by Dr. Alan Kadish NMD
Concussions are a fact of life. We have all fallen and many have hit our heads or we’ve been engaged in playing a sport that also lands up making contact with our skulls.
And even if you’ve been the lucky individual who has not had an obvious bonk to the head how about as a child growing up. The numbers are stacked against us.
Good news there is a well researched and inexpensive and….. safe supplement that has been scientifically documented, multiple times to play a part in decreasing the results of a concussion.
N-acetylcysteine also referred to by its abbreviation , NAC, is a supplement that has the ability to make major changes in our cellular chemistry. It’s probably most well known for increasing our glutathione levels in the body. Glutathione is our primary anti-oxidant, naturally produced in almost all of our cells.
In terms of NAC’s effects we know from both animal and human studies that it down regulates inflammatory and oxidative stress. In english this translates to reduced inflammation and oxidation, think of oxidation as rusting, in our cells. Both of these chemical processes are greatly exaggerated in our brain tissue following a concussion or even a mild traumatic brain injury (TBI).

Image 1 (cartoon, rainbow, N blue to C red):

In a human study the telling results were: “……. analysis revealed subjects receiving NAC within 24 hours of blast had an 86% chance of symptom resolution with no reported side effects versus 42% for those seen early who received placebo.”
Wear a helmet……. this should be a duhhhh
Consider the immediate use of NAC, This is a natural and safe supplement shown to help minimize or even ameliorate the damage dramatically. You can get some at almost all health and food stores. Yes there are differences in the quality between the brands. (See our article on supplements for more info on picking better quality supplements.)
Be careful and keep in mind if and when you do fall , crumple and protect your head.
If you’re in the military, consider carrying some NAC with you with instructions for your fellow teammates to administer, if your or your fellow service personal are able to swallow, after a blast injury or other head trauma.
Know where you can access a HBOT chamber and remember the hospitals only will use HBOT for the 15 disorders on the list and…. concussions are not there currently
Amelioration of Acute Sequelae of Blast Induced Mild Traumatic Brain Injury by N-Acetyl Cysteine: A Double-Blind, Placebo Controlled Study
- Michael E. Hoffer ,Carey Balaban ,Martin D. Slade, Jack W. Tsao, Barry Hoffer
- Published: January 23, 2013
Mild traumatic brain injury (mTBI) secondary to blast exposure is the most common battlefield injury in Southwest Asia. There has been little prospective work in the combat setting to test the efficacy of new countermeasures. The goal of this study was to compare the efficacy of N-acetyl cysteine (NAC) versus placebo on the symptoms associated with blast exposure mTBI in a combat setting.